Sunday, January 30, 2005

Outsourcing: Workforce management values

I have not always been a brand loyalist, but I have always been a Customer Service loyalist. I quit doing business with Sears for about ten years because their retail outlet in my local area was home to the rudest and most poorly trained sales staff I have ever encountered (before or since). They eventually closed that outlet and built a new store in the area with the goal (seemingly) to right all past wrongs. As a result, I am happy to include them on my list of places to shop for absolute necessities.

I am extremely concerned about the availability of quality follow-up service on purchases I make... especially if the purchase cost is $100.00 or more. When it comes to big ticket items, I have to go with the company that has the best reputation or has given me good service in the past. It only takes one bad experience to drive me into the wanton aisles of a competitor.

Knowing that many companies are now outsourcing their Customer Service work, this article from (via what really happened) makes me wonder where the major retail companies managed to take such a radical wrong turn.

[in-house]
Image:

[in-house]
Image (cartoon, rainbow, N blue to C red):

If accountability is the thorn in StarTek's side integrity is its Achilles heel. In a written evaluation of StarTek's business principals weighted against current practice a former StarTek management employee gave them a score of ten out of one-hundred. He wrote "Integrity-- This is where I feel the management team is struggling the most. Decisions on a site level, get made without, what appears to be, taking constructive input from the other departments possessing a make-it-happen, attitude. Preparation for change needs to be a focus. Input from those that are affected by the change needs to be taken into deeper consideration as opposed to putting out fires after the fact. False promises get thrown around, the things will change, cliché has become a standard - some form of stability should be in place. People are given promotions, based on unknown criteria, without the benefit of a proper, ethical job bid to determine if there are other suitable candidates available. Information is distributed one way, and changed on a whim. Again, structure is needed in order to achieve goals. Knee-jerk reactions to situations should be minimal, and stronger preparations for what if, should be taken into consideration."

No comments: